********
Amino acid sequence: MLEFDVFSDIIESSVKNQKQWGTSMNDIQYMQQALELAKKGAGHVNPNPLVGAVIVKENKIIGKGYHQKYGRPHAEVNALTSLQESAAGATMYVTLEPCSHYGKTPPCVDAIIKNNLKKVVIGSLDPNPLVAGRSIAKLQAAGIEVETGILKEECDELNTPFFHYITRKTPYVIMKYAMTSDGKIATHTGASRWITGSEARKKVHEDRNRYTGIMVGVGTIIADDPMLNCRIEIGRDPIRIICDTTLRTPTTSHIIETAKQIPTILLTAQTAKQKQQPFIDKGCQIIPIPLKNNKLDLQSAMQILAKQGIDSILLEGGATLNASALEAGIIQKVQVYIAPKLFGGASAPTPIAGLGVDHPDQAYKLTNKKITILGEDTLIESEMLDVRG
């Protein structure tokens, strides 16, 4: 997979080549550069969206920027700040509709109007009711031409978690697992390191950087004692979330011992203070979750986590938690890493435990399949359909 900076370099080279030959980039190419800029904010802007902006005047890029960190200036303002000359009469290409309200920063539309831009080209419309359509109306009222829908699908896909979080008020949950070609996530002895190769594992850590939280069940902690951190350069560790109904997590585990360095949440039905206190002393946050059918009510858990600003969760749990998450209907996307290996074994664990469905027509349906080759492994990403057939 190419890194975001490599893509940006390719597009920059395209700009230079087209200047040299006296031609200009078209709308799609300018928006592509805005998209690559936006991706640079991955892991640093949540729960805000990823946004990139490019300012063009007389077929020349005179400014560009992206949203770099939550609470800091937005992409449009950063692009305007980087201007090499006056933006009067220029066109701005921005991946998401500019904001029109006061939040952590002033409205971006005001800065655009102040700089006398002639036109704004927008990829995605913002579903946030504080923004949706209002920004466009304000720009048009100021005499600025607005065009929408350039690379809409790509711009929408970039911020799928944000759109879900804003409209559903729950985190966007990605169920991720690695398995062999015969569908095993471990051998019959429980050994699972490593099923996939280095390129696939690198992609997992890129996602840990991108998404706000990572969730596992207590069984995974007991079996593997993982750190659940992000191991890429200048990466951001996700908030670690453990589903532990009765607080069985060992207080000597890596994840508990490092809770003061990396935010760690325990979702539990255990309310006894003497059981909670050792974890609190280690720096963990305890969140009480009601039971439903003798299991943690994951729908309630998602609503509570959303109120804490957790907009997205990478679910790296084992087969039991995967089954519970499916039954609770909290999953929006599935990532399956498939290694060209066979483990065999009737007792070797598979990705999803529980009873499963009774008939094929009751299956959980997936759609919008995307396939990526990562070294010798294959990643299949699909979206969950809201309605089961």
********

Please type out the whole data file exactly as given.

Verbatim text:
Amino acid sequence: MLEFDVFSDIIESSVKNQKQWGTSMNDIQYMQQALELAKKGAGHVNPNPLVGAVIVKENKIIGKGYHQKYGRPHAEVNALTSLQESAAGATMYVTLEPCSHYGKTPPCVDAIIKNNLKKVVIGSLDPNPLVAGRSIAKLQAAGIEVETGILKEECDELNTPFFHYITRKTPYVIMKYAMTSDGKIATHTGASRWITGSEARKKVHEDRNRYTGIMVGVGTIIADDPMLNCRIEIGRDPIRIICDTTLRTPTTSHIIETAKQIPTILLTAQTAKQKQQPFIDKGCQIIPIPLKNNKLDLQSAMQILAKQGIDSILLEGGATLNASALEAGIIQKVQVYIAPKLFGGASAPTPIAGLGVDHPDQAYKLTNKKITILGEDTLIESEMLDVRG
């Protein structure tokens, strides 16, 4: 997979080549550069969206920027700040509709109007009711031409978690697992390191950087004692979330011992203070979750986590938690890493435990399949359909 900076370099080279030959980039190419800029904010802007902006005047890029960190200036303002000359009469290409309200920063539309831009080209419309359509109306009222829908699908896909979080008020949950070609996530002895190769594992850590939280069940902690951190350069560790109904997590585990360095949440039905206190002393946050059918009510858990600003969760749990998450209907996307290996074994664990469905027509349906080759492994990403057939 190419890194975001490599893509940006390719597009920059395209700009230079087209200047040299006296031609200009078209709308799609300018928006592509805005998209690559936006991706640079991955892991640093949540729960805000990823946004990139490019300012063009007389077929020349005179400014560009992206949203770099939550609470800091937005992409449009950063692009305007980087201007090499006056933006009067220029066109701005921005991946998401500019904001029109006061939040952590002033409205971006005001800065655009102040700089006398002639036109704004927008990829995605913002579903946030504080923004949706209002920004466009304000720009048009100021005499600025607005065009929408350039690379809409790509711009929408970039911020799928944000759109879900804003409209559903729950985190966007990605169920991720690695398995062999015969569908095993471990051998019959429980050994699972490593099923996939280095390129696939690198992609997992890129996602840990991108998404706000990572969730596992207590069984995974007991079996593997993982750190659940992000191991890429200048990466951001996700908030670690453990589903532990009765607080069985060992207080000597890596994840508990490092809770003061990396935010760690325990979702539990255990309310006894003497059981909670050792974890609190280690720096963990305890969140009480009601039971439903003798299991943690994951729908309630998602609503509570959303109120804490957790907009997205990478679910790296084992087969039991995967089954519970499916039954609770909290999953929006599935990532399956498939290694060209066979483990065999009737007792070797598979990705999803529980009873499963009774008939094929009751299956959980997936759609919008995307396939990526990562070294010798294959990643299949699909979206969950809201309605089961």